While photography is art, I’m a scientist trying to share my experiences in the natural world with others, so I feel an obligation to represent things accurately. That puts me in an interesting position. Do I avoid processing photos in order to show the viewer exactly what my camera captured – even if that image doesn’t accurately reflect the image I saw in real time? Or do I manipulate the photo to make it look like it did in real life, even if that necessarily means I’m putting my own translation of reality into that image?
I’m not sure there’s a right answer, but I generally choose to process images and attempt to show you what I saw through my eyes. I want you to see the same prairies I see in the hope that you will better understand and appreciate them.
Here’s the final version of the image one more time. Do you like it more or less, knowing what went on behind the curtain?
A Brief Photo Journal:
Late last week, I found myself driving through the middle of the Nebraska sandhills as the sun was getting low in the sky. I decided to stop and check out a small federal wildlife management area to see if I could find anything to photograph. I had noticed the sign for the site on previous trips, but had never taken the time to drive up the winding road to see what it looked like. This seemed like as good a time as any to give it a try.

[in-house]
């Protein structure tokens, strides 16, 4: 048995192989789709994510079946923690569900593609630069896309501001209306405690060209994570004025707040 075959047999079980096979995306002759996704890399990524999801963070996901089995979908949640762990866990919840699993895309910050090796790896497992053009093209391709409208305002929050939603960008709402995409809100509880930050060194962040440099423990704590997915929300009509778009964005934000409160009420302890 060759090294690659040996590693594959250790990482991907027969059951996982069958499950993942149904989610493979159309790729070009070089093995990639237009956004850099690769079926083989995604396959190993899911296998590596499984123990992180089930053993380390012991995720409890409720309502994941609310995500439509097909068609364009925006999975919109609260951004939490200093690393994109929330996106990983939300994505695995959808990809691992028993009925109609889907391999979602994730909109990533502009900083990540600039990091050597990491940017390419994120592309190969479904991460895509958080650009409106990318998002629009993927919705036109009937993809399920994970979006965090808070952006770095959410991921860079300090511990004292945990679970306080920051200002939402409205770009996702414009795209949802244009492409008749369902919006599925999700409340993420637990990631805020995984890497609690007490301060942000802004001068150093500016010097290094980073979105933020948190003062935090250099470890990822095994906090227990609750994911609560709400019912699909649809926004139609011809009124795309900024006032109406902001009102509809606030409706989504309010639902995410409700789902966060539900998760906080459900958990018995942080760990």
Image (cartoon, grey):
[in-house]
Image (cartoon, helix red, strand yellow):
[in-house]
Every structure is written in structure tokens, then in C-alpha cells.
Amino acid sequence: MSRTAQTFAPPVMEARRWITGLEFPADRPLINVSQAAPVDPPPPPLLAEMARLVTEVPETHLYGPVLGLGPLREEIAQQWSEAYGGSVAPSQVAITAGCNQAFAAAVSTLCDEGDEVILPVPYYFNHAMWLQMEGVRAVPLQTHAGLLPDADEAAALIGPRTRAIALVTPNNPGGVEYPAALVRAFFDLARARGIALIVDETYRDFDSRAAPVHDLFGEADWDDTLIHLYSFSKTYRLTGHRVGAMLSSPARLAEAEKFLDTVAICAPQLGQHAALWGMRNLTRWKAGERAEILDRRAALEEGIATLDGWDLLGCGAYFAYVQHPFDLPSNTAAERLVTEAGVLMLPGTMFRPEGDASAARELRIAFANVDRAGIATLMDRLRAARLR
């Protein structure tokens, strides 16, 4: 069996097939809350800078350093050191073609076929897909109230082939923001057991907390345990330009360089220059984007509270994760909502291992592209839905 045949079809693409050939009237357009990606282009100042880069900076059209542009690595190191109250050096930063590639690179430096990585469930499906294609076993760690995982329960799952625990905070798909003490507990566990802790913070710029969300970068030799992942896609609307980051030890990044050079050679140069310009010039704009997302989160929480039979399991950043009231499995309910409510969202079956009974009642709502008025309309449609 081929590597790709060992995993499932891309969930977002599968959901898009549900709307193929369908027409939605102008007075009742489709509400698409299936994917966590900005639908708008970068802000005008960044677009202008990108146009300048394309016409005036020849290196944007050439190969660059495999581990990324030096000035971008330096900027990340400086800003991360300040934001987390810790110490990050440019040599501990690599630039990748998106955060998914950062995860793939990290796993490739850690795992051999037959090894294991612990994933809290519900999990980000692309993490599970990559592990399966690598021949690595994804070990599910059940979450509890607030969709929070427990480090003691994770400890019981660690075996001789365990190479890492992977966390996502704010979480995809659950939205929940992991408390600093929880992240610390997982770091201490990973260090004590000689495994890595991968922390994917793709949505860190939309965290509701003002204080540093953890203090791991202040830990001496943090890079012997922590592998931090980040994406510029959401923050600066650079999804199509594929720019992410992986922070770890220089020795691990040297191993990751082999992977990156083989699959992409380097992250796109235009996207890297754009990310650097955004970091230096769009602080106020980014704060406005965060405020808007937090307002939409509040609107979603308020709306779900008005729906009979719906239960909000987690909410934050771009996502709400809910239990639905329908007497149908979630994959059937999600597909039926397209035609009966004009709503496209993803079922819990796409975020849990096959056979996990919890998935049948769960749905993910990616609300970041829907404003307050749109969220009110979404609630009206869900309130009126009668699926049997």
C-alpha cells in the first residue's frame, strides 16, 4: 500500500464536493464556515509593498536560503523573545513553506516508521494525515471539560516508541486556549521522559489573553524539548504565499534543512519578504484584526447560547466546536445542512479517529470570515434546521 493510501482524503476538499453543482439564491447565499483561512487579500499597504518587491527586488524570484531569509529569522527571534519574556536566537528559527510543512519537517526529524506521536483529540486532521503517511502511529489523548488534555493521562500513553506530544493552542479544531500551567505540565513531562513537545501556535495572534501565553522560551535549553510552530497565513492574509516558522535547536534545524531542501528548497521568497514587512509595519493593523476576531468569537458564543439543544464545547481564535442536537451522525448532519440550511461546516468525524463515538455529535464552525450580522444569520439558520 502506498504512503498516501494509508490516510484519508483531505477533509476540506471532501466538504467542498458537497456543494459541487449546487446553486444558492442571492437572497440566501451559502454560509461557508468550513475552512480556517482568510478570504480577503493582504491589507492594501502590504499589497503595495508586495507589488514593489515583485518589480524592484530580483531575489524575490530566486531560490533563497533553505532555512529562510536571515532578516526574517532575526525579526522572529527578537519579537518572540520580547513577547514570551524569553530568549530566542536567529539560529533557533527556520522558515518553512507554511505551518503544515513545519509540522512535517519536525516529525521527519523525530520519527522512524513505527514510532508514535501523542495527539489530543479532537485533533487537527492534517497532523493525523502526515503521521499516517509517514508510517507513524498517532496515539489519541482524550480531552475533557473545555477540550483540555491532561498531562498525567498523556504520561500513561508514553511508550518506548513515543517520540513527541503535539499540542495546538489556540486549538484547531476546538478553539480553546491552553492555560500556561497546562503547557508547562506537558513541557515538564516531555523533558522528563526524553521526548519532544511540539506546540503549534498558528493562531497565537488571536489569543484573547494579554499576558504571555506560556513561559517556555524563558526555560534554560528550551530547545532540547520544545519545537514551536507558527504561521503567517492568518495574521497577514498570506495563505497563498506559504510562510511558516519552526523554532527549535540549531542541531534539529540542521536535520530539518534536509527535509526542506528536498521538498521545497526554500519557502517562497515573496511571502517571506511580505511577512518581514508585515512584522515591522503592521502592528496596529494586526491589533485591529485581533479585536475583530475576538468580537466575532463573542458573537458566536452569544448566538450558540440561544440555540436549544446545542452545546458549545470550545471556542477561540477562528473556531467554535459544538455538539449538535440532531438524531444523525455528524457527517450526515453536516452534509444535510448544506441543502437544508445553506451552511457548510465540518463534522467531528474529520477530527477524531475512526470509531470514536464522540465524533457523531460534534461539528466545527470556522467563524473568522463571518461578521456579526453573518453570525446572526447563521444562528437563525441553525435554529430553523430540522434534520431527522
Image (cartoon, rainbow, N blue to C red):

As it turned out, the place was kind of a mess. In the middle of the twelve million acres of beautiful, ecologically-intact sandhills prairie, this refuge was dominated by invasive species such as narrowleaf cattails, reed canarygrass, and smooth brome. The area had obviously been farmed in the past, and had apparently not recovered gracefully.
I wasn’t sure this was going to work out as a photography location. A big open-water wetland surrounded by invasive plants? To make things worse, the sun was behind a big dark bank of clouds, and the wind was howling at about 35-40 miles per hour… On the other hand, there wasn’t really time to get anywhere else before dark, and there was a promising-looking thin slice of blue sky between the cloud bank and the horizon. I decided to stick around and see what happened when the sun reached that sliver of sky.